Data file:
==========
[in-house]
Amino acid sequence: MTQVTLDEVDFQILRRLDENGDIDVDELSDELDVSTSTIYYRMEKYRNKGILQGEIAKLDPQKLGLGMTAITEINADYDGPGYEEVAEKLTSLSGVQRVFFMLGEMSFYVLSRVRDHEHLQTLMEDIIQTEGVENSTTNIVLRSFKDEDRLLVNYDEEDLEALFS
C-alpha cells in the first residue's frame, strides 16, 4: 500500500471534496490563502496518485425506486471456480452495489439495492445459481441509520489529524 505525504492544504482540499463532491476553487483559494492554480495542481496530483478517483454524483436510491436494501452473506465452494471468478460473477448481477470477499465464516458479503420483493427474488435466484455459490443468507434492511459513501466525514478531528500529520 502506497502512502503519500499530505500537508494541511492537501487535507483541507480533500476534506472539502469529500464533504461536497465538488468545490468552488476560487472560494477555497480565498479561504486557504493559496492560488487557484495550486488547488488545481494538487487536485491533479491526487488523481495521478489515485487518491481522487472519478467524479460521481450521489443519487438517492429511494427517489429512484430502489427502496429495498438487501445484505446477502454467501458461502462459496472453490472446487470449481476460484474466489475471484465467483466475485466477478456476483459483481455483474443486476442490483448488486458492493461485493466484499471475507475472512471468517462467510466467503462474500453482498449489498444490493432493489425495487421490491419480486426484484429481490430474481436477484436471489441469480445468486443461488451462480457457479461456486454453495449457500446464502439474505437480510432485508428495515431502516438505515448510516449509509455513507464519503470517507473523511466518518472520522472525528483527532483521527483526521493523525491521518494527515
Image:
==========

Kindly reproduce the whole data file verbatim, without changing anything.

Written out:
[in-house]
Amino acid sequence: MTQVTLDEVDFQILRRLDENGDIDVDELSDELDVSTSTIYYRMEKYRNKGILQGEIAKLDPQKLGLGMTAITEINADYDGPGYEEVAEKLTSLSGVQRVFFMLGEMSFYVLSRVRDHEHLQTLMEDIIQTEGVENSTTNIVLRSFKDEDRLLVNYDEEDLEALFS
C-alpha cells in the first residue's frame, strides 16, 4: 500500500471534496490563502496518485425506486471456480452495489439495492445459481441509520489529524 505525504492544504482540499463532491476553487483559494492554480495542481496530483478517483454524483436510491436494501452473506465452494471468478460473477448481477470477499465464516458479503420483493427474488435466484455459490443468507434492511459513501466525514478531528500529520 502506497502512502503519500499530505500537508494541511492537501487535507483541507480533500476534506472539502469529500464533504461536497465538488468545490468552488476560487472560494477555497480565498479561504486557504493559496492560488487557484495550486488547488488545481494538487487536485491533479491526487488523481495521478489515485487518491481522487472519478467524479460521481450521489443519487438517492429511494427517489429512484430502489427502496429495498438487501445484505446477502454467501458461502462459496472453490472446487470449481476460484474466489475471484465467483466475485466477478456476483459483481455483474443486476442490483448488486458492493461485493466484499471475507475472512471468517462467510466467503462474500453482498449489498444490493432493489425495487421490491419480486426484484429481490430474481436477484436471489441469480445468486443461488451462480457457479461456486454453495449457500446464502439474505437480510432485508428495515431502516438505515448510516449509509455513507464519503470517507473523511466518518472520522472525528483527532483521527483526521493523525491521518494527515
Image: